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House restores Miami Children's maternity unit, sends back to Senate

The Senate now has a tough decision to make.

For the second time in two days, and with just hours to go in session, senators is being asked to approve a 10-bed labor and delivery unit at Miami Children's Hospital and cancer treatment guidelines that they don't like.

They rejected that same language on Thursday. It's now back in HB 1159 bill, along with some other things that the Senate does want.

The House voted 103-13 to approve the amended bill, which also allows a nursing home in the Village retirement community and a trauma center for Fort Walton Beach. The Senate already signed off on those provisions.

The House also added $500,000 in state funding for the prescription drug database, a priority of Rep. Mike Fasano, R-New Port Richey, and a mostly non-controversial provision.

The bill will now be sent back to the Senate, which must act before it adjourns today.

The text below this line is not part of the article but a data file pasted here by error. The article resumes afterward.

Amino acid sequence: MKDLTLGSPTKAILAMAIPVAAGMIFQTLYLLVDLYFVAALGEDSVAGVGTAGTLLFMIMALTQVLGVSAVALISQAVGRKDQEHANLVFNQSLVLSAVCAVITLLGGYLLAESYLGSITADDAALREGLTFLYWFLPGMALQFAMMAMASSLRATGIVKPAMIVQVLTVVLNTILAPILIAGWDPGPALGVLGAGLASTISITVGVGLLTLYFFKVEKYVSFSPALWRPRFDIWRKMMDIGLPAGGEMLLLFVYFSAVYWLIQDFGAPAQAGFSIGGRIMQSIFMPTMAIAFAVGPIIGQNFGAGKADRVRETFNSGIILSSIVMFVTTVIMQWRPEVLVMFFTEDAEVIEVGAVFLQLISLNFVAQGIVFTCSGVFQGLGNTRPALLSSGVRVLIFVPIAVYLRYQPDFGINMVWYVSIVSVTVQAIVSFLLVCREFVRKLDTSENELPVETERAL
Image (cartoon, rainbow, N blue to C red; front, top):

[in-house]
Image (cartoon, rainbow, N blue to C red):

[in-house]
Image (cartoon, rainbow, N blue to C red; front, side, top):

The Miami Children's maternity unit is controversial in the Senate. But the bigger problem may be how the House has insisted on implementing the Cancer Treatment Fairness Act, previously contained in HB 422.

Senate Majority Leader Lizbeth Benacquisto may still be unhappy with the language the House is sending back, including a grandfather clause and delayed implementation until July 2014. The bill is intended to require insurance companies to cover cancer medications equally, whether they are received in pill form or intravenously.

Debating the bill in the House, several members highlighted the various amendments they favored.

Rep. Frank Artiles, R-Miami, said he supported the bill because of the Miami Children's provision. Just last week, he was there with one of his children who had symptoms of meningitis. He encouraged his colleagues to support the entire proposal based on what they liked, even if there are parts they don't.

"When you like two-thirds of the bill, vote up on it," he said.

But some said they voted "no" because the disliked one more more provisions. Rep. Jose Rodriguez, D-Miami, said he couldn't support the bill even though he was a proponent of the cancer treatment component, calling it a "very good policy measure."

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